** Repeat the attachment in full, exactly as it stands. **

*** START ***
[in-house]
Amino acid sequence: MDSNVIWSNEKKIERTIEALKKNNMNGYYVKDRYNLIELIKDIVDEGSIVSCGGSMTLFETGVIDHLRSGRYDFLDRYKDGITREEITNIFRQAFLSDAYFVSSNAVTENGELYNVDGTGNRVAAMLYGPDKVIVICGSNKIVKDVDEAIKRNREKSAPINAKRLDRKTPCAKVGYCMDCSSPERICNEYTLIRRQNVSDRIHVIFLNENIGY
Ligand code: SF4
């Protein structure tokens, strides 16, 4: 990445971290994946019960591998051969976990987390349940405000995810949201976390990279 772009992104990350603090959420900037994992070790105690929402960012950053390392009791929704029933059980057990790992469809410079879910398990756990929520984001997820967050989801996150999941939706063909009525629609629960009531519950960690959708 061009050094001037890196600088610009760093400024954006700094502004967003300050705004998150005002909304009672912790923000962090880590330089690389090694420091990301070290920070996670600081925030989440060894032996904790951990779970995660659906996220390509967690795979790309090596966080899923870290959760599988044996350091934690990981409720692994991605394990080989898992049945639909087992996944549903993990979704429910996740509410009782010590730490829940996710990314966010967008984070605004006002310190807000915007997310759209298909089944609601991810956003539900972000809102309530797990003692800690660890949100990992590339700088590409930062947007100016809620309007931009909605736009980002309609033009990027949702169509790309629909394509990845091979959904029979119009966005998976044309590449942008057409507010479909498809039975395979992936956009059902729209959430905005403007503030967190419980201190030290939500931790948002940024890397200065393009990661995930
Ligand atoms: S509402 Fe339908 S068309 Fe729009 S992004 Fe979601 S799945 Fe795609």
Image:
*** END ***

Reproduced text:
[in-house]
Amino acid sequence: MDSNVIWSNEKKIERTIEALKKNNMNGYYVKDRYNLIELIKDIVDEGSIVSCGGSMTLFETGVIDHLRSGRYDFLDRYKDGITREEITNIFRQAFLSDAYFVSSNAVTENGELYNVDGTGNRVAAMLYGPDKVIVICGSNKIVKDVDEAIKRNREKSAPINAKRLDRKTPCAKVGYCMDCSSPERICNEYTLIRRQNVSDRIHVIFLNENIGY
Ligand code: SF4
């Protein structure tokens, strides 16, 4: 990445971290994946019960591998051969976990987390349940405000995810949201976390990279 772009992104990350603090959420900037994992070790105690929402960012950053390392009791929704029933059980057990790992469809410079879910398990756990929520984001997820967050989801996150999941939706063909009525629609629960009531519950960690959708 061009050094001037890196600088610009760093400024954006700094502004967003300050705004998150005002909304009672912790923000962090880590330089690389090694420091990301070290920070996670600081925030989440060894032996904790951990779970995660659906996220390509967690795979790309090596966080899923870290959760599988044996350091934690990981409720692994991605394990080989898992049945639909087992996944549903993990979704429910996740509410009782010590730490829940996710990314966010967008984070605004006002310190807000915007997310759209298909089944609601991810956003539900972000809102309530797990003692800690660890949100990992590339700088590409930062947007100016809620309007931009909605736009980002309609033009990027949702169509790309629909394509990845091979959904029979119009966005998976044309590449942008057409507010479909498809039975395979992936956009059902729209959430905005403007503030967190419980201190030290939500931790948002940024890397200065393009990661995930
Ligand atoms: S509402 Fe339908 S068309 Fe729009 S992004 Fe979601 S799945 Fe795609």
Image: